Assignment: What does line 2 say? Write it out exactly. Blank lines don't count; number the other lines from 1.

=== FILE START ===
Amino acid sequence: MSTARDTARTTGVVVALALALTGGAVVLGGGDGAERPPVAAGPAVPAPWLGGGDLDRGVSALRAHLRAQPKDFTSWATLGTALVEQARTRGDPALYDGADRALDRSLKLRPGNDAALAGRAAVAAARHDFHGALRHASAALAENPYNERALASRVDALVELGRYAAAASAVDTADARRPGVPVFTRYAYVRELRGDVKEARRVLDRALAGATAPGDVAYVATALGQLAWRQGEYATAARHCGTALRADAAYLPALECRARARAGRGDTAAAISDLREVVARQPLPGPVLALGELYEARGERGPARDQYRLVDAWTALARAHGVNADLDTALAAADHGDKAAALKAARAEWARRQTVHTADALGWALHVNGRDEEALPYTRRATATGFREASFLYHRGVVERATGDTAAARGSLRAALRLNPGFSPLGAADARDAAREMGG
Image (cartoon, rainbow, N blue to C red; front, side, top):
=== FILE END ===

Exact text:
Image (cartoon, rainbow, N blue to C red; front, side, top):